Justice Slatter also praises the Canadian healthcare system as “an example of co-operative federalism in action,” though the Canada Health Act, which threatens provinces with the loss of their federal healthcare transfers if they do not comply with its conditions, seems like a rather dubious example of “co-operation.” In any event, Justice Slatter is apparently oblivious to the irony of making unsupported empirical claims in an opinion that dismisses a constitutional challenge for want of evidence. But in the absence of support for these claims, it is somewhat difficult to avoid the suspicion that Justice Slatter is attributing his own views to the indistinct “majority” of which he speaks. After reading these lines, I would rather that he (and indeed his colleagues) not sit in judgment on a constitutional challenge that would, in effect, be an “attempt to … compromise the system,” to change it radically and not merely to make it “even better than it is.”

These two points together lead me to an additional observation. Justice Slatter’s approach is clearly very deferential to legislative choices. That would make him a “conservative” on the definitions that have been floating around of late, for example in some of Sean Fine’s “Tory judges” articles. But, as I’ve said before, “there is nothing inherently conservative about such an approach. It can serve to validate left- or right-leaning policies, depending on the politics of the policy-makers.” This case shows that this is indeed so. If anything, it shows that judges may be able to adopt a strategically deferential posture in order to achieve “progressive” results just as easily as to achieve “conservative” ones.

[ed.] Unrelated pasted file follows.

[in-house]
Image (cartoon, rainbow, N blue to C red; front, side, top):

* * *

I will comment on just one passage from the remainder of Justice Slatter’s reasons. Justice Slatter observes that constitutions, including the Charter, are written in broad terms and

say nothing about the difficult social issues that come before the courts … Controlling this vague language falls to the courts, and an absence of institutional self-restraint by the judiciary makes the problem worse, not better. The Supreme Court has recast the phrase “principles of fundamental justice” with even less precise terms like overbreadth, disproportionality and arbitrariness, none of which have been comprehensively defined. It is, unfortunately, sometimes difficult to discern the difference between these concepts and a simple disagreement by the judiciary with the public policy decisions of democratically elected officials.

The text of s. 7 signals that the drafters of the Charter never intended it to be applied to the review of social and economic policies. … As Prof. [Peter] Hogg has pointed out, the intention of the framers of the Charter to restrict judicial review to procedural matters has been “totally disregarded by the Supreme Court of Canada” with dramatic consequences. [31-32]

I’m not sure I’ve ever seen a Canadian court reverse-benchslap the Supreme Court in this way. Justice Slatter’s attack is pretty vicious, and in my view largely uncalled for.

It is true that s. 7 was not intended to be applied in the way it does, but it is, to say the least, not obvious that “original intent” is an appropriate criterion for interpreting it. Even if, contrary to the Supreme Court of Canada, one is inclined to be originalist, an “original public meaning” interpretation might support the Supreme Court’s conclusion, in Re B.C. Motor Vehicle Act, [1985] 2 S.C.R. 486 that “fundamental justice” is not a matter of procedure only. Anyway, it seems to me that it is a bit late to re-litigate that particular issue.